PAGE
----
Authors: Betty Ren Wright
The Ghost in Room 11
Betty Ren Wright
Illustrations by Jacqueline Rogers
For Dorothy Tofte with my love
“This School Is Haunted!”
Matt Barber sat, hunched over, on a swing and dug one heel into the dirt. He was the only person left on the school playground. He might even be the only person left in the world. What if a poison cloud were drifting across the town of Healy right now? What if the birds started to drop out of the trees, and that ant crawling across the gravel rolled over on its back and.â¦
He shivered and gave himself a little push. It was no fun starting in a new school a month late. The kids at Healy Elementary had known each other since they were babies. They weren't interested in a new kid from the big city.
Think about tomorrow
, he told himself. Tomorrow he was going to give a speech in front of his new fourth grade, and after that, everybody would know who he was.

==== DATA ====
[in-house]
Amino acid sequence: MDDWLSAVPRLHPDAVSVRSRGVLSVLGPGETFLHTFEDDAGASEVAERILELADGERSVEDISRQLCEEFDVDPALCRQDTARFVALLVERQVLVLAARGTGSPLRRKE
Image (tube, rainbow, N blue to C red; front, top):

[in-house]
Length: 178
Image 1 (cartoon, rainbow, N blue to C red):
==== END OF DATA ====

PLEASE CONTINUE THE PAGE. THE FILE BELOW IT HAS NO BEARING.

“I'm not supposed to talk about this, but I'm going to anyway.” He said the words out loud to get used to them. “I'm going to tell you about my real mother and father. My real mother does stunts in the movies. Once she jumped from a twelve-story building and landed in a pond about as big as a bathtub.” He frowned. Maybe a bathtub was too small. “About as big as
bathtubs, only a lot deeper. And once she drove a car off a cliff and blew it up before it landed.”
, he thought.
“My real dad is a treasure hunter. He dives down to old wrecks, and when he finds treasure he gets to keep it. Sometimes he sends me a souvenir.” When he said that, he was going to hold up the gold piece Uncle Jim had sent him as a joke, along with a book about treasure hunting. It wasn't a real gold piece, but that didn't matter. It would fool everybody in this dumb country school.
He paused, wondering what his teacher, Mrs. Sanders, would think of his speech. She had said you could talk about anything, as long as the subject was important to you. Well, parents were important, weren't they?